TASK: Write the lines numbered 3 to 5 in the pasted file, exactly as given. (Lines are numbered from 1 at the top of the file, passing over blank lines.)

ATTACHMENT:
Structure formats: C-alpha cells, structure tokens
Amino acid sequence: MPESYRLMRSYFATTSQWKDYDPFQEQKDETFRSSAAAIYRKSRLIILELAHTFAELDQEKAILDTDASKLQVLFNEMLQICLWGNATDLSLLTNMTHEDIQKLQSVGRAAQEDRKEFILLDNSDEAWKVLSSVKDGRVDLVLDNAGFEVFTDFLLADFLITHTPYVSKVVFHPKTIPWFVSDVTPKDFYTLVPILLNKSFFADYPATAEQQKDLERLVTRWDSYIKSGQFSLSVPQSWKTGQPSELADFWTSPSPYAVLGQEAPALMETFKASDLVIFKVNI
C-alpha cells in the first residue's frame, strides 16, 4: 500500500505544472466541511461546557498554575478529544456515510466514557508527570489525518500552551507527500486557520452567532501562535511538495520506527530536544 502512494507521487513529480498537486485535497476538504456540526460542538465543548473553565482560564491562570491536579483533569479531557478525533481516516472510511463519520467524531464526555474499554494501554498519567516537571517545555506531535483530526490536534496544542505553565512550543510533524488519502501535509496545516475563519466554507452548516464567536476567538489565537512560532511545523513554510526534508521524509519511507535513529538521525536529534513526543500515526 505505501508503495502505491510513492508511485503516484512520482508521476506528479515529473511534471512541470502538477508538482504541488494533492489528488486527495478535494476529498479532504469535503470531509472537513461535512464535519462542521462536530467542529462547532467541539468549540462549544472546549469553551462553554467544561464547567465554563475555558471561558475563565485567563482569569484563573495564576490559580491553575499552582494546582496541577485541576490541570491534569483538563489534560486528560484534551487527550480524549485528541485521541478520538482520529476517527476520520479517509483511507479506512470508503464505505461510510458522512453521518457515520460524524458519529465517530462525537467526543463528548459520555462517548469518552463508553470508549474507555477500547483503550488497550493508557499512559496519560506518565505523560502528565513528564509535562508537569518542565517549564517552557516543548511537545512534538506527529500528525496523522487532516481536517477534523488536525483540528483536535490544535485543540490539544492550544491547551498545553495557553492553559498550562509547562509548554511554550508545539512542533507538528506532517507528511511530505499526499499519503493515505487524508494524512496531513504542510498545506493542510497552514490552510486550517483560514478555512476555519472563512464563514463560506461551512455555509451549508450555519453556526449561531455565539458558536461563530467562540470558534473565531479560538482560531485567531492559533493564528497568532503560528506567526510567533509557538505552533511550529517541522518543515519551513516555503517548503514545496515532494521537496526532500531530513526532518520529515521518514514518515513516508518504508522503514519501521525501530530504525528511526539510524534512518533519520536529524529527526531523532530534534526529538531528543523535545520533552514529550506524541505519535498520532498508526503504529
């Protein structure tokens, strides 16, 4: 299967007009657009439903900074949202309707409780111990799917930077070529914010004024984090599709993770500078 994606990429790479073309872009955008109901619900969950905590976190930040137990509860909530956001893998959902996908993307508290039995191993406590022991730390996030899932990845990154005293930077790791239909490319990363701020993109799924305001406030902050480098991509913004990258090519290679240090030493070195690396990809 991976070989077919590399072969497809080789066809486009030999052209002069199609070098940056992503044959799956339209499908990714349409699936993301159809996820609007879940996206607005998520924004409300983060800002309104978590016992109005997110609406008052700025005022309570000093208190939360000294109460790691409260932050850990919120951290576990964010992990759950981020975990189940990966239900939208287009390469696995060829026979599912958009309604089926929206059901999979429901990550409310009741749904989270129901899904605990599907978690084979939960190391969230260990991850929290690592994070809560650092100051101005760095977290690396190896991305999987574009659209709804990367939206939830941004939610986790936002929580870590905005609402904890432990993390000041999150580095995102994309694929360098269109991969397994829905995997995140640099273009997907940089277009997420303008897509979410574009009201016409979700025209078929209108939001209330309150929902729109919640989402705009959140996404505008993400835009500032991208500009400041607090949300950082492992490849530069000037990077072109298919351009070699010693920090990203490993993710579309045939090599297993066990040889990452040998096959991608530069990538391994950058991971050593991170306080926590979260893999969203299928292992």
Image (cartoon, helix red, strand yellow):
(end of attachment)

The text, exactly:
C-alpha cells in the first residue's frame, strides 16, 4: 500500500505544472466541511461546557498554575478529544456515510466514557508527570489525518500552551507527500486557520452567532501562535511538495520506527530536544 502512494507521487513529480498537486485535497476538504456540526460542538465543548473553565482560564491562570491536579483533569479531557478525533481516516472510511463519520467524531464526555474499554494501554498519567516537571517545555506531535483530526490536534496544542505553565512550543510533524488519502501535509496545516475563519466554507452548516464567536476567538489565537512560532511545523513554510526534508521524509519511507535513529538521525536529534513526543500515526 505505501508503495502505491510513492508511485503516484512520482508521476506528479515529473511534471512541470502538477508538482504541488494533492489528488486527495478535494476529498479532504469535503470531509472537513461535512464535519462542521462536530467542529462547532467541539468549540462549544472546549469553551462553554467544561464547567465554563475555558471561558475563565485567563482569569484563573495564576490559580491553575499552582494546582496541577485541576490541570491534569483538563489534560486528560484534551487527550480524549485528541485521541478520538482520529476517527476520520479517509483511507479506512470508503464505505461510510458522512453521518457515520460524524458519529465517530462525537467526543463528548459520555462517548469518552463508553470508549474507555477500547483503550488497550493508557499512559496519560506518565505523560502528565513528564509535562508537569518542565517549564517552557516543548511537545512534538506527529500528525496523522487532516481536517477534523488536525483540528483536535490544535485543540490539544492550544491547551498545553495557553492553559498550562509547562509548554511554550508545539512542533507538528506532517507528511511530505499526499499519503493515505487524508494524512496531513504542510498545506493542510497552514490552510486550517483560514478555512476555519472563512464563514463560506461551512455555509451549508450555519453556526449561531455565539458558536461563530467562540470558534473565531479560538482560531485567531492559533493564528497568532503560528506567526510567533509557538505552533511550529517541522518543515519551513516555503517548503514545496515532494521537496526532500531530513526532518520529515521518514514518515513516508518504508522503514519501521525501530530504525528511526539510524534512518533519520536529524529527526531523532530534534526529538531528543523535545520533552514529550506524541505519535498520532498508526503504529
């Protein structure tokens, strides 16, 4: 299967007009657009439903900074949202309707409780111990799917930077070529914010004024984090599709993770500078 994606990429790479073309872009955008109901619900969950905590976190930040137990509860909530956001893998959902996908993307508290039995191993406590022991730390996030899932990845990154005293930077790791239909490319990363701020993109799924305001406030902050480098991509913004990258090519290679240090030493070195690396990809 991976070989077919590399072969497809080789066809486009030999052209002069199609070098940056992503044959799956339209499908990714349409699936993301159809996820609007879940996206607005998520924004409300983060800002309104978590016992109005997110609406008052700025005022309570000093208190939360000294109460790691409260932050850990919120951290576990964010992990759950981020975990189940990966239900939208287009390469696995060829026979599912958009309604089926929206059901999979429901990550409310009741749904989270129901899904605990599907978690084979939960190391969230260990991850929290690592994070809560650092100051101005760095977290690396190896991305999987574009659209709804990367939206939830941004939610986790936002929580870590905005609402904890432990993390000041999150580095995102994309694929360098269109991969397994829905995997995140640099273009997907940089277009997420303008897509979410574009009201016409979700025209078929209108939001209330309150929902729109919640989402705009959140996404505008993400835009500032991208500009400041607090949300950082492992490849530069000037990077072109298919351009070699010693920090990203490993993710579309045939090599297993066990040889990452040998096959991608530069990538391994950058991971050593991170306080926590979260893999969203299928292992």
Image (cartoon, helix red, strand yellow):